One year after attack, blind victim takes the lead to protect guide dogs

BEST MATES: Orange Public School students Sophie Mahlo and Angus Staniforth with Matt Bryant, his guide dog Bronco and his children Shailyn and Logan Bryant at a talk about guide dog etiquette with students in year 3 and 4. Photo: JUDE KEOGH
0430guidedog

BEST MATES: Orange Public School students Sophie Mahlo and Angus Staniforth with Matt Bryant, his guide dog Bronco and his children Shailyn and Logan Bryant at a talk about guide dog etiquette with students in year 3 and 4. Photo: JUDE KEOGH 0430guidedog

THERE is not much in the world scarier than hearing a growling, barking dog running at you, but you cannot see it, says Orange man Matt Bryant, who is blind. 

Unfortunately, Mr Bryant and his guide dog Bronco were attacked by a dog that was off its lead while they walked towards March Street last year. 

Bronco tried to fight back. 

“He was just trying to protect me,” he said. 

“But I didn’t know what to do or what was happening because I couldn’t see.”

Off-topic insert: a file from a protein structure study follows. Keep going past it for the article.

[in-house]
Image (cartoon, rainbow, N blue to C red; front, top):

As part of International Guide Dog Day students at Orange Public School were shown how to behave around a guide dog by Mr Bryant and Guide Dogs NSW/ACT.

The program is called Take the Lead and is designed to educate people not to let their dogs off their leads and be vigilant around people with guide dogs when in leash-free areas. 

In the past year, a national survey of more than 220 guide dog handlers who are blind or vision impaired, including 76 NSW and ACT residents, found that on average one guide dog a month in NSW and the ACT was attacked by another dog.

Guide Dogs NSW/ACT chief executive officer Dr Graeme White said other worrying results showed pet dogs distracting guide dogs from their job was a major safety concern for guide dog handlers, with most saying they had experienced off-lead dogs distracting their guide dogs on a weekly, if not daily, basis.

“Any distraction to a working guide dog can put its handler’s safety at risk. For example, if a guide dog is distracted while guiding its handler across the road, the consequences could be disastrous,” Dr White said.

Mr Bryant received Bronco about 15 months ago and said he had experienced similar issues.

One, he remembered, occurred at a traffic light, which was the worst possible location to distract a guide dog. 

He said another problem was people thought it was fine to pat Bronco while he was in his harness. 

“I was at a cafe and I went to pay for a coffee I had ordered on my key card and a woman started patting Bronco on the head,” he said.

“Bronco got really excited and he reacted and wanted to play, he’s a dog, and I lost concentration on what I was doing.”

nicole.kuter@fairfaxmedia.com.au

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